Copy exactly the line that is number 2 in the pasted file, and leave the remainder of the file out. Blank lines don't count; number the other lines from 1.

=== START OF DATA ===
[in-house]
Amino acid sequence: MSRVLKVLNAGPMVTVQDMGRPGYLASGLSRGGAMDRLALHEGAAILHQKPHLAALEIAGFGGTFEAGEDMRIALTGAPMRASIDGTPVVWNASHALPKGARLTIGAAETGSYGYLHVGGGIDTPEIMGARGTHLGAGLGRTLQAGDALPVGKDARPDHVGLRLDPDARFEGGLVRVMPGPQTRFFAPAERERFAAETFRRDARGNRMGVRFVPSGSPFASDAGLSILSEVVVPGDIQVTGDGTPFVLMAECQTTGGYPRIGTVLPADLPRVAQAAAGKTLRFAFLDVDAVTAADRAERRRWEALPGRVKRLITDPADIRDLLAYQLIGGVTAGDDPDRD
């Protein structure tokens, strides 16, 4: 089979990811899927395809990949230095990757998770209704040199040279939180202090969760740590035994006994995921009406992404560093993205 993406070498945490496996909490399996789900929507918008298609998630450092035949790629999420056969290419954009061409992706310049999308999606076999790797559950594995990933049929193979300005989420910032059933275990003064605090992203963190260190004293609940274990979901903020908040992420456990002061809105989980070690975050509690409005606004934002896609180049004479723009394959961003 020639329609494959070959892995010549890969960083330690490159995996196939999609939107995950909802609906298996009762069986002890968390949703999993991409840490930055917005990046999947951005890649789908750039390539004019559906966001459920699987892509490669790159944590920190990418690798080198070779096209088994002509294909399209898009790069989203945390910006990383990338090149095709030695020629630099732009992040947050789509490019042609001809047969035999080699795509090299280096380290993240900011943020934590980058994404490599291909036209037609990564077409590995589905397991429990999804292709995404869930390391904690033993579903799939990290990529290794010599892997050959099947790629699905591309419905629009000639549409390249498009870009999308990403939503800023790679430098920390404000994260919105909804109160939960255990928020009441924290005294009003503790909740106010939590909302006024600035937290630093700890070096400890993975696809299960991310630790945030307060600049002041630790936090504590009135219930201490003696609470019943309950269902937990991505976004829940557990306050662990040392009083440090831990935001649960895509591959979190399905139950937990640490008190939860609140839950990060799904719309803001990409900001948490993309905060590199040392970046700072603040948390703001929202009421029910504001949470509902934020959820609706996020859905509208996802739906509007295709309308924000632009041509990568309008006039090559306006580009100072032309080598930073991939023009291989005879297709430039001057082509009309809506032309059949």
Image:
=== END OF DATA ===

Amino acid sequence: MSRVLKVLNAGPMVTVQDMGRPGYLASGLSRGGAMDRLALHEGAAILHQKPHLAALEIAGFGGTFEAGEDMRIALTGAPMRASIDGTPVVWNASHALPKGARLTIGAAETGSYGYLHVGGGIDTPEIMGARGTHLGAGLGRTLQAGDALPVGKDARPDHVGLRLDPDARFEGGLVRVMPGPQTRFFAPAERERFAAETFRRDARGNRMGVRFVPSGSPFASDAGLSILSEVVVPGDIQVTGDGTPFVLMAECQTTGGYPRIGTVLPADLPRVAQAAAGKTLRFAFLDVDAVTAADRAERRRWEALPGRVKRLITDPADIRDLLAYQLIGGVTAGDDPDRD